SANITARY CONDITION OF SAINT MARY, ISLINGTON,
FOR JUNE, 1861.
The deaths registered in five weeks, ending June 29th, were 243, a
number which also represents the average deaths in June for five years
previously, when augmented for comparison with those occurring
among our greatly-increased population.
The deaths from hooping-cough have fallen from 28 in four weeks
to 13 in five weeks, a diminution which, on comparing Tables I. and
II., appears due rather to diminished fatality than to a lessening of the
number of cases of this disease. Hooping-cough has been the prevalent
disease among young children for 10 months.
As usual in this month we begin to perceive the approaches of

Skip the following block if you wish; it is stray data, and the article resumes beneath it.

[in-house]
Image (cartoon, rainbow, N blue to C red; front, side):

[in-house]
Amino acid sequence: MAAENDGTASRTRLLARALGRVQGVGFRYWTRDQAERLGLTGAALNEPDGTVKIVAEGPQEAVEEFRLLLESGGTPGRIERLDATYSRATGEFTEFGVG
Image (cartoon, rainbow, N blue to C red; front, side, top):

summer diarrhœa; five deaths from this disease, one from dysentery,
and one from choloraic diarrhœa, have been registered. The public
might keep this summer tendency greatly in check if they would
observe scrupulous cleanliness about their habitations, removing from
within and without all offensive matters and decomposing accumulations,
having their house drains flushed, and consuming only such